The inaugural World Snooker Federation Championships this month will see more than 140 players battle it out at the Dolmen Hotel in Malta.
The first ever WSF Championships gets under next Wednesday, March 14, and runs for ten days with three different tournaments set to take place – rivalling the long-held global amateur stranglehold of the International Billiards and Snooker Federation.
The WSF’s parent organisation, the World Professional Billiards and Snooker Association, made a breakaway from the IBSF last summer in a controversial fallout that has left national federations scrambling to decide which side they want to follow.
Switzerland became the latest country to be officially announced as a WSF member last week, joining the likes of the English, Welsh, Scottish, Thai, and Australian national federations who have been confirmed as members.
There has been much speculation as to where each country has aligned itself with the WPBSA peculiarly holding back from releasing a full list of members who have joined, instead opting to release a drip-drab of rather meaningless statements detailing random newcomers to their cause.
Whether it is because the WSF wants its numbers to remain hidden – probably not the wisest practice for a new entity to be undertaking in the current sporting climate – or if the aligned national federations don’t want the IBSF finding out that they’ve changed sides seems mostly irrelevant, as everyone is going to be able to see clearly for themselves next week just what countries have signed up to play in the first ever WSF Championships.
And signing up could prove fruitful for some as the winner of the flagship WSF Championship will receive a first prize of €10,000 and earn a two-year tour card to compete on the World Snooker Tour.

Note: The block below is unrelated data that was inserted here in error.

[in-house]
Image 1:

The four semi-finalists of the event will all be invited to the 2018 World Snooker Championship in Sheffield, which this year carries a record first prize of £425,000.
The WSF Championships will also consist of the official 2018 World Women’s Snooker Championship with the winner also gaining entry into the 2018 World Snooker Championship qualifying rounds in April, along with pocketing a cheque for €6,000.
In addition, there will be an event staged for players over 40 years of age, to be known as the WSF Seniors Championship.
There will be a similar first prize of €6,000 for this competition and, following the recent WPBSA announcement regarding an official World Seniors Tour, the winner will receive a personal invitation to compete in a major international World Seniors event.
The top eight players of both the Women’s and Seniors events will automatically qualify to play in the main WSF Championship, providing equal opportunities for both men and women to earn a two-year tour place on the World Snooker Tour.
The WPBSA statement read: “The WSF Championships will see elite amateur snooker players from Europe, Asia, Africa, Oceania and the Americas come together to compete for a place on the prestigious World Snooker Tour.”
“The WSF is an officially recognised International Federation (IF) registered in Switzerland and is the sole recognised IF of the WPBSA.
“Its aims are to provide a strong platform for sports governance, remove barriers for players, and provide inspirational opportunities globally for those players who aspire to develop a career in snooker.”